Remittances to Sub-Saharan Africa registered a small decline of 0.5 percent to $48 billion in 2019. Due to the COVID-19 crisis, remittance flows to the region are expected to decline by 23.1 percent to reach $37 billion in 2020, while a recovery of 4 percent is expected in 2021.
The anticipated decline can be attributed to a combination of factors driven by the coronavirus outbreak in key destinations where African migrants reside including in the EU area, the United States, the Middle East, and China.
These large economies host a large share of Sub-Saharan African migrants and combined, are a source of close to a quarter of total remittances sent to the region. In addition to the pandemic’s impact, many countries in the Eastern Africa region are experiencing a severe outbreak of desert locusts attacking crops and threatening the food supply for people in the region.
Remittance costs: Sending $200 remittances to the region cost 8.9 percent on average in the first quarter of 2020, a modest decrease compared with the average cost of 9.25 percent a year before. The most expensive corridors are observed mainly in the Southern African region, with costs as high as 20 percent. At the other end of the spectrum, the less expensive corridors had average costs of less than 3.6 percent.
Global remittances are projected to decline sharply by about 20 percent in 2020 due to the economic crisis induced by the COVID-19 pandemic and shutdown. The projected fall, which would be the sharpest decline in recent history, is largely due to a fall in the wages and employment of migrant workers, who tend to be more vulnerable to loss of employment and wages during an economic crisis in a host country. Remittances to low and middle-income countries (LMICs) are projected to fall by 19.7 percent to $445 billion, representing a loss of a crucial financing lifeline for many vulnerable households.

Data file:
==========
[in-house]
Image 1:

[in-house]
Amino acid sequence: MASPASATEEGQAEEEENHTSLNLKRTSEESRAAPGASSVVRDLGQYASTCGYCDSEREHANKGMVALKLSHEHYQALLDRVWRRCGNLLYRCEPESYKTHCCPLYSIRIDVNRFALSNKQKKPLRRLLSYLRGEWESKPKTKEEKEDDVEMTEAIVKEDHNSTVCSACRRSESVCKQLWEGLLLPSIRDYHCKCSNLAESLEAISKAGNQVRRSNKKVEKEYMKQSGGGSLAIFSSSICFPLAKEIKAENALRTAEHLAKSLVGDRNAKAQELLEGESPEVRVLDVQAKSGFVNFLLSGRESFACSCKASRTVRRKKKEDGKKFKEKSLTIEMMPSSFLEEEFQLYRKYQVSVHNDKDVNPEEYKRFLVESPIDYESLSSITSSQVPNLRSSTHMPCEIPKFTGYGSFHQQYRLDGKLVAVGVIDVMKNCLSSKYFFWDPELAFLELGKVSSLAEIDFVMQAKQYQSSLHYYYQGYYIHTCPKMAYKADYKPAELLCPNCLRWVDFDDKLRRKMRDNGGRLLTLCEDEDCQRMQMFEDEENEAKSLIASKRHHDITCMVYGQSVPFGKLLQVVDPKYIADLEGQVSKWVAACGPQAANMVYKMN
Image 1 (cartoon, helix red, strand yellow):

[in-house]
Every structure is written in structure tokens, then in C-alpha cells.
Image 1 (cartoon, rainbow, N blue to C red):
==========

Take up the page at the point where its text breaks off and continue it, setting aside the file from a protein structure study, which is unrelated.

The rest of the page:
Studies show that remittances alleviate poverty in lower- and middle-income countries, improve nutritional outcomes, are associated with higher spending on education, and reduce child labor in disadvantaged households.
A fall in remittances affect families’ ability to spend on these areas as more of their finances will be directed to solve food shortages and immediate livelihoods needs.
“Remittances are a vital source of income for developing countries. The ongoing economic recession caused by COVID-19 is taking a severe toll on the ability to send money home and makes it all the more vital that we shorten the time to recovery for advanced economies,” said World Bank Group President David Malpass. “Remittances help families afford food, healthcare, and basic needs. As the World Bank Group implements fast, broad action to support countries, we are working to keep remittance channels open and safeguard the poorest communities’ access to these most basic needs.”